Kotlikoff: There are solid proposals to adjust the WEP and GPO to make them fairer. This could help many recipients. It's something I hope to evaluate in a large-scaled study using my software company's software. And, yes, Congress could always slip a fix into a long bill and change the treatment from one day to the next. But some of the reform plans require Social Security collecting non-covered wage data going back years. These data may not be available. The worst part of the WEP/GPO problem is that so many Americans who worked for long or short periods in non-covered employment did so without realizing the amount of Social Security benefits they would lose from the WEP/GPO. Indeed, many have no idea about this tax on working in non-covered employment until they apply for their Social Security benefits, which can be largely or fully wiped out. The best long-term reform here is to include everyone in the Social Security system. Many state and local governments end up reneging on their promised retirement pensions. Just look at what happened to Detroit city workers whose pensions were dramatically cut when the city went bankrupt some years ago. Plus, many non-covered pensions are not COLA-adjusted. A few years of 7 percent inflation, like we saw in 2022, will wipe those out. More generally, we need to retire the current Social Security system and replace it with a modern version. The current system is a disgrace in terms of its complexity, abuse of participants (including many having their benefits “clawed back” by the government  years later because the participant was mistakenly given the wrong amount), and finances.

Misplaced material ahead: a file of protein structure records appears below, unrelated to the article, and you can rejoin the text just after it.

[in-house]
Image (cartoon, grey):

GovExec: Understood—people who follow you know you consistently argue a maximal position that Congress should enact a total SSA redo. Also, to buttress your argument, you have said already-enacted reforms have worsened a bureaucratic nightmare of confusing exceptions. But still, you say that WEP/GPO is not fair, right now. Tinkering at the edges isn’t your preference, but doing so could help millions of people, right? So, could smaller reform happen? 

Kotlikoff: True. I do support that. And, yes, it could happen. 

GovExec: With the changeover in Congress to Republican leadership, we have hardline members seeking big budget cuts. They may have unprecedented leverage over this Speaker and Congress by threatening to stall raising the debt ceiling. That’s power. From your point of view, what kind of legislation might actually make it through, at least the House?